Notes to the Editor: 
  • HIQA is the statutory organisation in Ireland with responsibility to carry out national health technology assessments (HTAs) and to develop guidelines for the conduct of HTAs across our healthcare system.
  • Following a request from the Department of Health, HIQA assessed the evidence for therapies that aid with quitting smoking to inform policy decisions about improving the provision of these services and to underpin a planned national clinical guideline on smoking cessation in Ireland.
  • The prevalence of smoking in Ireland is 22.7% in people aged 15 years and over. The prevalence is higher in men (24.3%) than women (21.2%), but has been in decline since 2008.
  • Approximately 20.5% of deaths each year can be attributed to smoking, including deaths due to second-hand smoke.
  • Smoking has a harmful effect on the health of smokers and is linked to diseases such as cancer, respiratory and cardiovascular disease. Quitting smoking substantially reduces the risk of disease over time.
  • In 2013 the estimated cost to the healthcare system of smoking was over €460 million while the cost of lost productivity was over €1 billion.
  • Currently, the overall cost of smoking cessation in Ireland is estimated to be over €40 million annually. This figure includes the cost to the HSE of providing smoking cessation support though the HSE Tobacco Control Programme, the costs of GP services and pharmacological treatment to those with a medical card, as well as out-of-pocket expenditure by smokers on various smoking cessation products.
  • According to data from the Healthy Ireland survey 2015, half of smokers attempting to quit smoking in Ireland do so unaided. A further 29% of smokers try to quit using e-cigarettes as a cessation aid. Approximately 16% of quit attempts are made using some form of pharmacotherapy (for example, NRT).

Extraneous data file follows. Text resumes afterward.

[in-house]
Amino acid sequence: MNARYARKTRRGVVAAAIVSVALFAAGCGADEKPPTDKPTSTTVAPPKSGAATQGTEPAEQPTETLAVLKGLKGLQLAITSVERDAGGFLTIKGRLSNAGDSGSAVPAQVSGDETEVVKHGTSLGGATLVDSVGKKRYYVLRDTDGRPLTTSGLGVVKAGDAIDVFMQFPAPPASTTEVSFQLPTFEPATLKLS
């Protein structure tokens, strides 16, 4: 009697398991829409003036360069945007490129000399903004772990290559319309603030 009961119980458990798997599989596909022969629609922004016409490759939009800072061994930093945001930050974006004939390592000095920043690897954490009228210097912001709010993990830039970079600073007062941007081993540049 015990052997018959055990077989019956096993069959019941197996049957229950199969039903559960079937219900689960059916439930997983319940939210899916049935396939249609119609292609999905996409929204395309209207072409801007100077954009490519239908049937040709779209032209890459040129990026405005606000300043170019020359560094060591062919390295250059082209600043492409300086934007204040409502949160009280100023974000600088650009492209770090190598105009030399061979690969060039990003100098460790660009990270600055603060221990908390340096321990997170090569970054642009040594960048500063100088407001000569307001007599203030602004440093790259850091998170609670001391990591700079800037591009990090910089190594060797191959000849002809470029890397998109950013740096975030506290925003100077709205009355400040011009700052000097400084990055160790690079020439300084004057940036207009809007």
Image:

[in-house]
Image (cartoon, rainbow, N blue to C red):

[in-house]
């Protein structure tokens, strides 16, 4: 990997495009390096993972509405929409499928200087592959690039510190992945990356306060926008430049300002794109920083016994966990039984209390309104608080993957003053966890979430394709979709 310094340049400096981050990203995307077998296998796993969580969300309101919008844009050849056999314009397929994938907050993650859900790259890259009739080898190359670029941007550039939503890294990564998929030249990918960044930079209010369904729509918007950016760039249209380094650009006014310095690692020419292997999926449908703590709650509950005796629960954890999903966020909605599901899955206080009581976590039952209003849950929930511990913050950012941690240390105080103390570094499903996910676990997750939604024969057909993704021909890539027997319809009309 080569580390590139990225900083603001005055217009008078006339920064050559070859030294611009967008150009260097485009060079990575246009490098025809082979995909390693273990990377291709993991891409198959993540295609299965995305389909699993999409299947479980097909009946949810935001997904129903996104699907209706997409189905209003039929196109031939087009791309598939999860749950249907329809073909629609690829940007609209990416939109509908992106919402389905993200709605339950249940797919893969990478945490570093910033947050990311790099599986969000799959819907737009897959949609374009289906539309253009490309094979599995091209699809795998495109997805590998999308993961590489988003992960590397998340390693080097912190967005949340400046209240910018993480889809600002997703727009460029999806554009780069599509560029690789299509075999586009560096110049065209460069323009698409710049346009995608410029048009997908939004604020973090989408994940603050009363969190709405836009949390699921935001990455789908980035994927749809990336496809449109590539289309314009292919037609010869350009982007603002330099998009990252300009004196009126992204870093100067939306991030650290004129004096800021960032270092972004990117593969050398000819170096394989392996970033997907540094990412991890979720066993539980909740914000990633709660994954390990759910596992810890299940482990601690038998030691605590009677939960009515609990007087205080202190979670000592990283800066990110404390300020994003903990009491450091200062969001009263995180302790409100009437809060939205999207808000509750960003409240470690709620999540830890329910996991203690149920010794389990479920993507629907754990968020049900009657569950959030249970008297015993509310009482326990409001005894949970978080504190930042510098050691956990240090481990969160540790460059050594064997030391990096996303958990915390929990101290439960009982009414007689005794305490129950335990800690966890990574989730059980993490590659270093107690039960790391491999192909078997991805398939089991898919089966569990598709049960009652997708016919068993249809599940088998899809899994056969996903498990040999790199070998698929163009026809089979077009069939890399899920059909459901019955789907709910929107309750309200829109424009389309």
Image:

• Nicotine replacement therapy (NRT) includes nicotine gum, patches, inhalers, intranasal and oral sprays, and tablets.
  • Varenicline was the most effective single pharmacotherapy; more than two and half times as effective as no pharmacotherapy. Varenicline with NRT was the most effective dual therapy; more than three and half times as effective as no pharmacotherapy. Combination NRT was more effective than a single form of NRT alone. E-cigarettes were twice as effective as no therapy; however, this estimate was based on only two trials including a relatively small number of participants.
  • The effectiveness of pharmacological interventions is improved by an average of 18% by adding behavioural therapy.
  • Group behaviour therapy was the most effective behavioural intervention; almost twice as effective as brief advice or written materials. Individual counselling, intensive advice and telephone support were all found to be more effective than brief advice or written materials.
  • If uptake of varenicline and NRT in combination increases to the highest likely level in Ireland, this would be considered good value for money compared to other interventions currently funded by the HSE, but it could lead to an average increase of up to €7.6 million in the cost of providing smoking cessation interventions annually.
  • If uptake rates of e-cigarettes increases to the current rate of 45% in England (while still not being reimbursed through the Primary Care Reimbursement Scheme), this would result in a decrease in expenditure on smoking cessation interventions of approximately €2.6 million per year.